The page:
In conjunction with Cameron University‘s current academic festival “American Identities in the 21st Century”, Cameron University is pleased to present “Farmland and the American Dream: Who Will Farm America and Why It Matters,” a presentation focusing on the dream of land ownership. Cameron alumna Chelsey Simpson, drawing on her experience with the National Young Farmers Coalition and the National Farm to School Network, will explore the topic. The presentation will take place on Thursday, April 12, at 5 p.m. in Room 127 of the Academic Commons. The presentation is open to the public at no charge.
America’s farmland is being developed, consolidated and left fallow at an alarming rate. More food is being produced by fewer people, resulting in a hollowing out of rural communities and a crisis of identity for individuals and, perhaps, America as a whole. As farmland is consolidated and technology allows more land to be worked by fewer people, the result is shrinking small towns and rural communities. As small farms and small towns disappear, will an essential element of American identity dissolve as well, or were those values merely myths to being with? The question of who should own land in America has never been straightforward.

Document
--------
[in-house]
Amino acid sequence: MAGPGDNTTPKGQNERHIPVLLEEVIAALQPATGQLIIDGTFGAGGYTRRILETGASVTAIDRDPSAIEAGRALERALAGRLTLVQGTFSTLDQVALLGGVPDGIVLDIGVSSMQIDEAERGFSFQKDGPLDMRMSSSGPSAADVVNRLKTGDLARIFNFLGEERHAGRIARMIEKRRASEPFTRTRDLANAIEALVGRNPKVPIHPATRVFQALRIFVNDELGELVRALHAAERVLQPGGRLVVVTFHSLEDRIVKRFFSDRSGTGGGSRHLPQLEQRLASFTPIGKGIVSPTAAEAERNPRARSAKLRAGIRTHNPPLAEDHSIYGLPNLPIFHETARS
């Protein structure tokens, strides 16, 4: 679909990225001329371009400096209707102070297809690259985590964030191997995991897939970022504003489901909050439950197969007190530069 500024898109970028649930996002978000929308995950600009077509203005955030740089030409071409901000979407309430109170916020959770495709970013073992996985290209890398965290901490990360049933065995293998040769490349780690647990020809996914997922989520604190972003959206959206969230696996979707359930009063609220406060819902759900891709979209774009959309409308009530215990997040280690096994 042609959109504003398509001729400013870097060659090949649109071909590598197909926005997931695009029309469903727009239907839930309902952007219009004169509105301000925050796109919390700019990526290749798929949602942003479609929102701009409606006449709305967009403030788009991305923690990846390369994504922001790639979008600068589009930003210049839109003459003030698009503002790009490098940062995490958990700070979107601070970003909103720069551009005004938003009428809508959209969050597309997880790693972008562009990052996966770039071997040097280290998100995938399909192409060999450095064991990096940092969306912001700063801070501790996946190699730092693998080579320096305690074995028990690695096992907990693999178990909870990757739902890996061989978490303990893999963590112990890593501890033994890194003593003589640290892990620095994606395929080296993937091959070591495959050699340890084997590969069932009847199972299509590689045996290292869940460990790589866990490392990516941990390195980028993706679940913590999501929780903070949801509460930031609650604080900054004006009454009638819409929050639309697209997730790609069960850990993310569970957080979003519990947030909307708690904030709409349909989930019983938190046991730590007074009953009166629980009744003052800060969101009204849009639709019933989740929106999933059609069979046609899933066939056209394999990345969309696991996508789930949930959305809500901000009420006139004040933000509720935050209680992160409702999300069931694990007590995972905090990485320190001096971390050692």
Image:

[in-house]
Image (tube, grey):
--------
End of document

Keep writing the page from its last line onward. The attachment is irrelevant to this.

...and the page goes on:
Simpson’s career has focused on the intersection of food systems and storytelling. She has managed communications for two national nonprofit advocacy organizations, the National Young Farmers Coalition and the National Farm to School Network, and her writing has appeared in New Food Economy, Yes! Magazine, The Huffington Post, Edible Manhattan and Edible Brooklyn. She is the former executive editor of Oklahoma Living magazine and a past president of the Oklahoma Food Cooperative. She is the co-owner of Urban Agrarian, a small grocery and food hub in Oklahoma City that serves as an economic driver in Oklahoma’s food and agriculture economy by sourcing from local farms and expanding the marketplace for local products. Simpson received Cameron University’s PLUS scholarship and graduated in 2004 with a Bachelor of Arts in English. She is a fifth-generation Oklahoman whose family originally obtained their land as part of a settlement lottery.
April 10, 2018